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Wednesday, May 18, 2022

‘Reopening of borders ‘ll boost transactions’

By Francis Akinnodi

The federal government’s reopening of more land borders would enable manufacturers to boost their cross-border transactions with access to larger markets, increase their profit and ease raw material sourcing, stakeholders have said.

It would be recalled, that in August 2019, the federal government, as part of its protectionist policy, decided to close the land borders to all movement of goods to end smuggling and ensure total control over what comes into the country.

According to economic experts, the border closure policy triggered inflationary pressure, caused unplanned losses for manufacturers, especially those exporting their products to neighboring countries by road, and paralysed commercial activities in larger communities.

An economist, Dr. Timothy Awe told The Hope that the borders should not have been closed in the first place, if they were properly secured from the activities of smugglers.

According to him, “The country has very large and porous borders, which offer opportunities when properly utilised.”

He said because of the closure, manufacturers were unable to get their raw materials or export their finished products to West and Central Africa by land.

Awe said manufacturers “are eager to resume transactions with neighbouring countries without the fear of paying heavy tariffs, passing longer routes with stressful processing and documentation, etc.”

He said: “The reopening gives room for manufacturers to explore other markets, expand their businesses and even diversify their portfolio.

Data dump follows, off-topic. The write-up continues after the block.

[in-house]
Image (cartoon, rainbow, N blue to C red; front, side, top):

A manufacturer, Anthony Ajulo, said that during the period when borders were shut, moving goods from Nigeria to neighbouring countries was extremely difficult, adding that transit countries capitalised on that to exploit exporters.

“We tried to move some products to Ghana and we saw hell before it got to its destination; we also paid heavy tariffs to transit countries where the goods were subjected to constant checks.”

Following the border closure, MAN reported that many local manufacturers exporting products across the border spent eight weeks as against eight days before the closure because they had to take their goods through a longer route with great cost implications.

Ajulo expressed hope that following the reopening of the borders, retaliatory and unfriendly policies of neighboring countries would be discontinued and export activities into other African countries would improve.

Data from the National Bureau of Statistics (NBS) revealed that in the fourth quarter of 2020, Nigeria earned N551 billion from exports to other African countries, down from N949.4 billion in the same period of 2019.

Following the partial reopening of four land borders in December 2020, exports to other African countries hit N773 billion in the same period of 2021.

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